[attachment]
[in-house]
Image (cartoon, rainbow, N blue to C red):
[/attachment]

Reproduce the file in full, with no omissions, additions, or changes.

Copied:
[in-house]
Image (cartoon, rainbow, N blue to C red):